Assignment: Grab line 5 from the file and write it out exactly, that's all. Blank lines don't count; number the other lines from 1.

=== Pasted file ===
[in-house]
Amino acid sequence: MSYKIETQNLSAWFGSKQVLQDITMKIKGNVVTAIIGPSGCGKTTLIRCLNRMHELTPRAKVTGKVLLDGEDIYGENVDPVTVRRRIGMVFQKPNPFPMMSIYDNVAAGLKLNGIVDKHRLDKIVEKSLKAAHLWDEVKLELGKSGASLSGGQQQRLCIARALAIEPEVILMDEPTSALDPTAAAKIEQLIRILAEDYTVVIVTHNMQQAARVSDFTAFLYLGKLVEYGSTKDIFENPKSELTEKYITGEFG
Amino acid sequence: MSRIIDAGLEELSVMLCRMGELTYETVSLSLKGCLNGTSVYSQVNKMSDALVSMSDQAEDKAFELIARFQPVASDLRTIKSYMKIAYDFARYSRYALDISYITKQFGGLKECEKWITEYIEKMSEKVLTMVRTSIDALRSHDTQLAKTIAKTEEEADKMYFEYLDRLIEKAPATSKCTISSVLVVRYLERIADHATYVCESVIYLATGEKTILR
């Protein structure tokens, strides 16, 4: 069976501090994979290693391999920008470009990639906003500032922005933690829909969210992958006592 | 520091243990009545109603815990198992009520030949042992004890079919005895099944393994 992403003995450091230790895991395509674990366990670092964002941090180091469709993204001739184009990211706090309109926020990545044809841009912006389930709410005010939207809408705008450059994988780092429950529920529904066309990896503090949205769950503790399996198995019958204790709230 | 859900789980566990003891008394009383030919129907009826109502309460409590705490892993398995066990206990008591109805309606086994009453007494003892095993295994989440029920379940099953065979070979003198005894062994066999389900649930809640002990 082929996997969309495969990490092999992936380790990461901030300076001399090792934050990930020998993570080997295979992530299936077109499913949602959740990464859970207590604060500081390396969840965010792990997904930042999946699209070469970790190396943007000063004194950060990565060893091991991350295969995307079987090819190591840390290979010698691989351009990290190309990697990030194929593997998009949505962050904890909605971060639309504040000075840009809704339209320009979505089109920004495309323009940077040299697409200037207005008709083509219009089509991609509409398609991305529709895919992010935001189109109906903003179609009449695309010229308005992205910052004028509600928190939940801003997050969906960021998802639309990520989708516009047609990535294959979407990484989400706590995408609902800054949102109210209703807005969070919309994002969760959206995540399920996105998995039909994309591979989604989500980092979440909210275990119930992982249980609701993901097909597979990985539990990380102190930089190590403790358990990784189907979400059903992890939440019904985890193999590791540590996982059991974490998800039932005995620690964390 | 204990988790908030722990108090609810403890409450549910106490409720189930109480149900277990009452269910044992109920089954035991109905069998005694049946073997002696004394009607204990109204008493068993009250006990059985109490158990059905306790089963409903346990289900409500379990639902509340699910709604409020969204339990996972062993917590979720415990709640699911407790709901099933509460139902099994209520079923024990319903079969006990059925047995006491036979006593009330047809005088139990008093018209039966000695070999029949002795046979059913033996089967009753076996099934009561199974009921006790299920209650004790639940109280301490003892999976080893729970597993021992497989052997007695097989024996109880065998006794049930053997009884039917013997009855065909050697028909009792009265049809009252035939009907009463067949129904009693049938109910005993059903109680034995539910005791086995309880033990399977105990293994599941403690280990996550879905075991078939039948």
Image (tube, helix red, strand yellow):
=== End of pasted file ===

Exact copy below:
Image (tube, helix red, strand yellow):